What is in this article?:
- Welcome news for the SJV: The federal government plans to purchase some $36.4 million of raisins.
Among rootstocks commercially available with those qualities are Freedom and 1103 Paulsen.
Matthew Fidelibus, UC Davis extension specialist at UC Kearney Agricultural Center in Parlier, talked of canopy management in dried-on-the-vine vineyards.
He said it is important to prune so as to retain “sun canes” for better bud break rather than retaining shade canes. “Sunlight provides cluster initiation and development and bud survival,” Fidelibus said.
He said that the Selma Pete variety is often planted on Freedom rootstock, which takes up less zinc, and he recommends applying zinc before bloom.
Larry Williams, UC plant pathologist at Kearney Ag Center, talked of nitrogen and potassium requirements of grapevines.
“Nitrogen can be stored and in the vine and can be redistributed,” Williams said, adding that post-harvest nitrogen applications are “not that beneficial.”
Williams said taking petiole and leaf samples to analyze nitrogen availability and use is important, particularly as regulatory controls are put into place on nitrates entering the groundwater supply.
Kent Daane, UC Cooperative Extension specialist at Kearney, discussed the raisin moth, which he termed a “garbage feeder” that thrives in settings where fruit is left to rot.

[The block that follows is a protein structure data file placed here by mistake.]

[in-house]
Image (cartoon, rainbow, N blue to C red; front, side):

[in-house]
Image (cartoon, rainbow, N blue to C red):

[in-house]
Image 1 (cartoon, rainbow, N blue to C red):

And he emphasized that fruit on a neighboring farm – perhaps figs or tree fruit – can be important to increasing infestations from the pest.
“The second or third flight periods of the moth are the key,” he said, advising against spraying for the pest in the first flight period when it is not expected to go after the grape in the early growth stages.
Instead, he said, the adults will leave, find another “garbage” source, then return.
He said dried on the vine grapes can risk more damage because ripening fruit is exposed to the moth for a longer time than are tray-dried grapes.
Karen Baumgartner, with ARS Davis, talked of grapevine trunk diseases and surveyed growers on the incidence of those problems and what they’re doing about it.
She recommends taking steps to avoid infection early – before symptoms are observed -- that can lead to esca, eutypa dieback, phomopsis dieback and brotryosphaeria dieback.
Those steps include delaying pruning until February and applying pruning-wound protectants.
She said older infected vineyards benefit little from those steps.
More from Western Farm Press